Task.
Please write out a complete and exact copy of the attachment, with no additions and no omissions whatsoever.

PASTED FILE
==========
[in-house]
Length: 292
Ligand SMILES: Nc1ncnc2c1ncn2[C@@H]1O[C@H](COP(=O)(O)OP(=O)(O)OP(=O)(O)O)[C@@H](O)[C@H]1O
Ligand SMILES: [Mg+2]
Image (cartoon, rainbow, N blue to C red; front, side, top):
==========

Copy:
[in-house]
Length: 292
Ligand SMILES: Nc1ncnc2c1ncn2[C@@H]1O[C@H](COP(=O)(O)OP(=O)(O)OP(=O)(O)O)[C@@H](O)[C@H]1O
Ligand SMILES: [Mg+2]
Image (cartoon, rainbow, N blue to C red; front, side, top):